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Cooking with Chocolate: Melting Temperature

bowl of melted chocolate next to chopped bar of chocolate Many home cooks believe that cooking with chocolate is a mystery only a select few know. However, the truth is that creating culinary confections from chocolate is easy once you understand certain basics. Home cooks commonly fail to temper chocolate properly, which can result in unattractive clumping or streaking. Following are the basics on how to melt chocolate so that it turns out smooth and glossy.

Melting Dark Chocolate On the Stove

Always use a double boiler when melting chocolate on the stovetop –this will help keep it from scorching if the temperature inadvertently becomes too high.
  • Chop one pound of chocolate with a serrated knife. Combine 3/4 of it with two tablespoons of shortening or lard in the top of a double boiler.
  • Allow the water to reach the simmering point and adjust the heat to hold it steady.
  • Allow the mixture to reach 100 degrees F and remove the double boiler bowl from the stove.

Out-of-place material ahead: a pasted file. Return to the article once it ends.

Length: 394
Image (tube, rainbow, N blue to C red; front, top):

• Place the bowl in a larger bowl containing cold water and stir in the rest of the chocolate.
When the mixture reaches 82 degrees F, place it back over the simmering water and bring it to 90 degrees F. Congratulations! You’ve just created the perfect dipping chocolate for candy making.

Melting Milk Chocolate and White Chocolate

Because both milk chocolate and white chocolate are more delicate than dark chocolate, a lower temperature needs to be used during the melting process when working with either of these. A general rule is that temperatures should be two degrees less than what would be used for dark chocolate. For instance, instead of allowing a milk or white chocolate mixture to reach 100 degrees F, it should be removed from the double boiler when the thermometer says 98 degrees F.
  • Temperatures should never exceed 100 degrees F when melting any type of chocolate.
  • When working with chocolate in your home kitchen, always use the best quality that you can. High-quality chocolate has larger amounts of cocoa butter than its inferior counterparts, which makes it melt more evenly.
  • Investing in a good digital candy thermometer will prevent many accidental temperature mishaps. A degree or two really does make a difference when making candy.
Always keep the fan above the stove turned on high to keep steam from condensing in the bowl where the chocolate is melting. Even a small amount of water in the bowl will cause the chocolate to develop into a stiff paste. You can spread a small amount of chocolate onto the flat surface of a saucer to tell if it’s properly tempered. If it dries quickly with a glossy finish, you’ve successfully mastered the fine art of cooking with chocolate. Did you know you can also use sugar free Asher’s Chocolate for baking?